by Rajagopalan Rohinee
At this point, men’s tennis seems to be a cacophony of chaos. To add to it, the hard-pressing matters are not only being played out both prominently but look to be raging just as intensely within the sport’s inner recesses. The problem is, however, that neither there is a way to pinpoint the origins of this problem nor there is an effective solution in sight.
The ousting of Chris Kermode as Association of Tennis Professionals’ Chief Executive Officer therefore has several connotations as it has various implications. But the one question it raises, first and foremost, is why now when the sport is said to be ostentatiously flourishing? In that respect, the whole “he said-he said-they said” turn of events that is being played out in the aftermath of the ATP Board Meeting in Indian Wells does not enumerate much beyond the offering of reasons as to why things happened the way they did.
So what purpose does the currently ongoing clamouring – of trying to pin the blame on Novak Djokovic and other members of the Player Council and/or on the Player Representatives – serve? For, despite the earnestness of everyone involved – both first-hand and as onlookers into the matter – there are no answers available even as pertinent scepticisms – read, vis-à-vis Justin Gimelstob’s controversial presence in the decision-making – have abounded.
The one aspect that needs to be peered into and pored over deeply, but which has been quieted down, is where does men’s tennis go from here? At the same time, the stakeholders – be it players or those responsible for its managerial side – need to introspect on what can only be considered as a failing of the sport despite its much-bandied-about successes. In isolation, this is bad news. But it worsens when juxtaposed with the mess the International Tennis Federation has inflicted upon itself.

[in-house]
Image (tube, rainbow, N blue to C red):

The open rebellion dotting the ITF’s periphery by several national tennis boards, its members and (deprived) players following its Transition Tour muddle should have cautioned the ATP in a timely manner. Yet, even as the ITF finds it difficult to justify its recent actions, which have seen an unequal bartering of the Davis Cup to a soccer player, the returns from which – when filtered to its core – are non-existent to the tournament’s growth and continuity, the ATP did as it felt right.
But in trying to do what was right, the ATP came across as short-sighted, imposing restrictions on the entirety of the men’s game.
Beyond 2019, following the end of Kermode’s term, men’s tennis will have to start over from scratch. The Briton’s business acumen – giving men’s tennis widespread marketability and in turn, leading to enhanced profitability – would be a thing of the past. In the sport’s annals, it would not be a pause but a definite stopping point.
Then, whoever takes over from Kermode, will not only have the onus of living up to the standards set by his predecessor (while attempting to better it) but will also need to live up to the expectations of these stakeholders of the domain who had insisted on making the change, in the first place. Just as along those of whom – including Djokovic – who spoke about administrative changes being necessary will also be at the receiving end of scrutiny, with enquiries flowing about whether the so-called alterations netted positive results.
Djokovic is well-within his rights now to decline commenting on what his personal choice was in the voting to truncate Kermode’s role. But at that unspecified point in the future – if it does come to pass – if the changes were not to work, him and the others who were a part of the present-day decision-making would need to justify themselves as to whether their good intentions came through for the lowest-ranked player as much as for those in the top-tier. It may also be the questions that popped up in the Chris Kermode’s non-continuing-as-the-CEO melee are answered, one way or another.